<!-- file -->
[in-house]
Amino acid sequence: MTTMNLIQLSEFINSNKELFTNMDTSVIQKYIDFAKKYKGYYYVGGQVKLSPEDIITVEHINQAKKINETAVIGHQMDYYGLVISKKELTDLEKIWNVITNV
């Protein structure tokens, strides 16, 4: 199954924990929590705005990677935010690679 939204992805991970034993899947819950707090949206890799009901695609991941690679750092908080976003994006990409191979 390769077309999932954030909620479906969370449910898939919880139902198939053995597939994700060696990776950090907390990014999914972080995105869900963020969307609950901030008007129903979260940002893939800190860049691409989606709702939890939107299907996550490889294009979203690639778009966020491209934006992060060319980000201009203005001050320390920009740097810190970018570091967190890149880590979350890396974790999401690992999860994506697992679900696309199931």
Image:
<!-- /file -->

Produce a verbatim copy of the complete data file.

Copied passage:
[in-house]
Amino acid sequence: MTTMNLIQLSEFINSNKELFTNMDTSVIQKYIDFAKKYKGYYYVGGQVKLSPEDIITVEHINQAKKINETAVIGHQMDYYGLVISKKELTDLEKIWNVITNV
């Protein structure tokens, strides 16, 4: 199954924990929590705005990677935010690679 939204992805991970034993899947819950707090949206890799009901695609991941690679750092908080976003994006990409191979 390769077309999932954030909620479906969370449910898939919880139902198939053995597939994700060696990776950090907390990014999914972080995105869900963020969307609950901030008007129903979260940002893939800190860049691409989606709702939890939107299907996550490889294009979203690639778009966020491209934006992060060319980000201009203005001050320390920009740097810190970018570091967190890149880590979350890396974790999401690992999860994506697992679900696309199931």
Image: